How to Deal with Debt Collectors

Most people only ever have to deal with debt collectors if they fall behind on their credit card payments. Granted, there are other instances where debt collectors get involved, but the majority of cases are those related to credit card debt. And the thing with debt collectors and credit card debt is, they usually only get involved if some time has passed since you stopped paying your credit card bills. In some cases it might be as little as three to six months, in other cases it might not be till after a year has passed. The calls you get before that are from the credit card companies themselves, not debt collectors and thus should not be handled in the same way.

If you get so far behind on your credit card payments that a debt collector starts calling you, there are two paths you can take; the first is if you intend to pay the debt at some point and the second is if you don’t.

If you do intend to pay the debt, answer the phone when the debt collector calls and tell them what your plans are and see if you can’t work out a reasonable deal; but be warned, debt collectors are not generally as reasonable as you might like; they like to talk about you paying the whole debt immediately and then work from there. You on the other hand might not be able to pay anything until you find another job or you get your tax refund or whatever your plan is. Just remember, you are in the driver’s seat, and thus are the one that can dictate terms. The debt collector has no leverage other than calling you and asking you to do so. Don’t make idle threats though, such as claiming you are going to declare bankruptcy when you have no intention of doing so. And don’t invite them to sue you, or they might just take you up on it. But, also know that debt collection agencies very rarely sue unless there is a lot of money at stake, because the courts don’t generally back up their demands.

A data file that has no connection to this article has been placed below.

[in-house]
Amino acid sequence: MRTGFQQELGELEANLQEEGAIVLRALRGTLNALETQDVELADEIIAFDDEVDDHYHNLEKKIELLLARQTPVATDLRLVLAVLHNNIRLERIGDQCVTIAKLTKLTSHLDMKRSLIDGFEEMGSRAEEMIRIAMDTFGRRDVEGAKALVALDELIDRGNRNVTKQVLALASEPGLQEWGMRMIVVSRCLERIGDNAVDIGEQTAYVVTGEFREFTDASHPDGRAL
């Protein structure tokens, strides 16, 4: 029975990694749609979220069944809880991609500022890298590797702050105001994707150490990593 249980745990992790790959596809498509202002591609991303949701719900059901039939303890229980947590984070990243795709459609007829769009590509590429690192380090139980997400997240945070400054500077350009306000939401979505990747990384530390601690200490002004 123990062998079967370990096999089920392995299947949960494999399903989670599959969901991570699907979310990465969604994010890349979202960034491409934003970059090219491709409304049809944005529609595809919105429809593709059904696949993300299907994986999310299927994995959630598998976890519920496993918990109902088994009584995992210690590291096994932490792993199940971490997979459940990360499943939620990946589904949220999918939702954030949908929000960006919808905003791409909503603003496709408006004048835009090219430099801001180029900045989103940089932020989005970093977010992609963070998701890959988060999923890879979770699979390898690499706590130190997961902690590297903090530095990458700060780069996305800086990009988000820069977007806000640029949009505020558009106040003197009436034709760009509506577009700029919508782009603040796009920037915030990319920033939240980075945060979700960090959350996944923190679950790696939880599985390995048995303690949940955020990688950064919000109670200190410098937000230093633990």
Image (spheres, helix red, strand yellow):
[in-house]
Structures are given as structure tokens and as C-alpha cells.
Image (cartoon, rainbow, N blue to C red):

On the other hand, if you are so far in debt with your credit and have a situation where you don’t believe your income will ever rise to the point where you can pay off your debt, you have the choice of either trying to declare bankruptcy, or simply ignoring the debt collectors. Declaring bankruptcy is a big step and is worse for your credit rating than not paying a debt collector, so if you choose to not pay the debt collector, then don’t communicate with them at all; doing so will only prolong the time period that they will keep after you. Instead, disconnect your land line if you have to and use only a cell phone; or pick up the phone and hang up on them before they have a chance to talk. There is no law that says you have to talk to or communicate with debt collectors in any way, and doing so will only cause you to be upset and may wind up making the debt collectors work even harder to get some money out of you if they think you may be wavering. Your best bet is to ignore them, because unless they are willing to sue you, which they likely won’t if your debt is not that big or you truly don’t have any money to give them, there is no benefit in talking to them. So don’t. But you need to know that they will keep trying to find you for many years; some for as long as ten or more.

One final note: In any case, if a debt collector does choose to sue you, make sure you show up at the court proceedings, and come fully prepared to defend yourself, otherwise the judge will side with the debt collector and order things like the freezing of your bank account or the selling off of your assets.